“Propaganda programs will be very important next year because of the leadership change,” said Yuan Fang, a professor at China Communications University, referring to the shuffling of the country’s top leadership that occurs every five years.
This year has seen a slew of restrictions. Three months before the Communist Party’s 90th anniversary this summer, television authorities suspended all crime and spy dramas, replacing them with flag-waving marches and “revolutionary” soap operas.
Last month, “Super Girl” broadcaster Hunan Satellite TV announced that it would replace the show with “programs that promote moral ethics and public safety, and provide practical information for housework.”
The suspension has left many viewers disappointed and confused. “A weekend without ‘Super Girl’ just doesn’t seem complete,” one girl from Zhejiang province wrote on Weibo, the Chinese version of Twitter.
“Super Girl” was a refreshing contrast to CCTV, the state broadcaster, known for its roster of soporific news reports and Communist Party history lessons. Young people in particular immediately took to the show’s emotional outbursts, acerbic judges and text-message voting system that allowed users to choose the competition’s victors.
But its unorthodoxy grated on party officials. Liu Zhongde, a former culture minister, unleashed a nationwide controversy in 2006 when he called “Super Girl” an attack on traditional Chinese values. “It poisons young people’s minds, misleading them to believe one can achieve success with no effort,” he said.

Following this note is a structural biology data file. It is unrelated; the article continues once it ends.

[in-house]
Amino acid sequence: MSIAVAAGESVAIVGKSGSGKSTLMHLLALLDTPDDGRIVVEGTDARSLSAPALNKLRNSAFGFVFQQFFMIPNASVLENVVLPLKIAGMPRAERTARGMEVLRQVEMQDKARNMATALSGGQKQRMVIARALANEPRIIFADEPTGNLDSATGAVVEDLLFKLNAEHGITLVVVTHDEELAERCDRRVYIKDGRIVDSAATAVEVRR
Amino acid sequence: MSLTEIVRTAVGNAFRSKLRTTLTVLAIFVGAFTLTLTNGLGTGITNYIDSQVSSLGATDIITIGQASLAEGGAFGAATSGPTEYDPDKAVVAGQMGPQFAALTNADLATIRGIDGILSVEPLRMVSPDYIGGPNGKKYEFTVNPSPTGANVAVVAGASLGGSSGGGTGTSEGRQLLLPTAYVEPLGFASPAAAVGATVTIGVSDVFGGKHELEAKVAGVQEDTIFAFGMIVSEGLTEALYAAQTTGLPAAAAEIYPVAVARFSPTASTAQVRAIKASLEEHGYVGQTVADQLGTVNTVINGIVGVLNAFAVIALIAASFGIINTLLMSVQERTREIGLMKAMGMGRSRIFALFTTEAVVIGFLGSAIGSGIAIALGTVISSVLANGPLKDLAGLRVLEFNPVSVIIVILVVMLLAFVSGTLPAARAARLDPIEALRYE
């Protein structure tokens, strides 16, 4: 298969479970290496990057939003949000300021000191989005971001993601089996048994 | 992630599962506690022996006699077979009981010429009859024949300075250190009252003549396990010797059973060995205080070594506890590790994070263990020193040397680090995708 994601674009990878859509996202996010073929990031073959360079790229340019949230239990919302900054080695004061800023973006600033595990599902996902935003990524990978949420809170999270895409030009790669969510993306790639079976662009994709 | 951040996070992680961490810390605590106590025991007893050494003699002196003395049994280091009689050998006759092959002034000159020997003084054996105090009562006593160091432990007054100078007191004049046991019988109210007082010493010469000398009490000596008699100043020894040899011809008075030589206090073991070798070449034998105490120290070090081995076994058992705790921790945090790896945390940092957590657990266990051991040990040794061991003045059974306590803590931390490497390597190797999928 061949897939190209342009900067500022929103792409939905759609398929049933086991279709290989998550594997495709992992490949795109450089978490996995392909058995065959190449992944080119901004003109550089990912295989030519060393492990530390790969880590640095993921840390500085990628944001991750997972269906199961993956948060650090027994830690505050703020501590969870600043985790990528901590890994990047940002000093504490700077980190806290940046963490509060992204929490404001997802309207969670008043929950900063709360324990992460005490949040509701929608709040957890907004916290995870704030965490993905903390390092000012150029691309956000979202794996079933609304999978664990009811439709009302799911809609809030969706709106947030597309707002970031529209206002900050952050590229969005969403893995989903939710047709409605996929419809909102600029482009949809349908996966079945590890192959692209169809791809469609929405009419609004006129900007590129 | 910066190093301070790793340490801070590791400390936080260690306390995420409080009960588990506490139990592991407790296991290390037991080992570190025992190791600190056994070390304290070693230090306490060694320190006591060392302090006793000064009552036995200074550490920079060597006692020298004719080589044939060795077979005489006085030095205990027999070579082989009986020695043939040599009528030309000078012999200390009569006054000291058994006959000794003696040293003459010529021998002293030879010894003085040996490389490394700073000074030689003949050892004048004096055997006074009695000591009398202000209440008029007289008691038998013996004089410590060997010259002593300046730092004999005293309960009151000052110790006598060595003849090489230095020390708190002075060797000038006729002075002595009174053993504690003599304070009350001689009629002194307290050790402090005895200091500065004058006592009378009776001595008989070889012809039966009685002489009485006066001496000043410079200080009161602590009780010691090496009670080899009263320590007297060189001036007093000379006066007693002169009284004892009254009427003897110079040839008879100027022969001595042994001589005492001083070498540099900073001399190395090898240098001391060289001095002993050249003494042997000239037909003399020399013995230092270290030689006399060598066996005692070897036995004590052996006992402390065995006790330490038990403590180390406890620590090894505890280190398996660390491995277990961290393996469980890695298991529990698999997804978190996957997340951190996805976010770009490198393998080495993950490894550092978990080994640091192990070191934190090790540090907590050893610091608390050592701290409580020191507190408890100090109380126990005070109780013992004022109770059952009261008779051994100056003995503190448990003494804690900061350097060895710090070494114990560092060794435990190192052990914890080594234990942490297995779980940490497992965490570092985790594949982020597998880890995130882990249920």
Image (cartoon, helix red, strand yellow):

Although the season finale of “Super Girl” that year attracted 400 million viewers, the show was taken off the air and wasn’t revived until three years later. Off-site voting for all of China’s “American Idol”-style shows was banned in 2007.
Jeremy Goldkorn, a China media analyst and founder of the Web magazine Danwei.com, said that despite the rise of the Internet, “TV is still seen as a vital part of the way the government talks to the people.” The media watchdog, he explained, may simply favor the state broadcaster over regional stations that it finds more difficult to control.
“It seems like sort of a turf war,” he said. “CCTV is not happy when a provincial broadcaster has a show with such popularity.”
The heavy hand of the censor may be backfiring on the Communist Party by making television increasingly irrelevant. A report by Stanford University and Beijing-based consulting firm BDA blamed the government watchdog for pushing viewers onto the Internet, a significantly more difficult medium to control. According to the report, China had 240 million online TV viewers in 2010, an increase of 38 million over the previous year.
Jin, the transsexual dancer, welcomes the change. “Most channels just have stupid TV dramas and low-quality TV shows,” she said.
Kaiman is a special correspondent.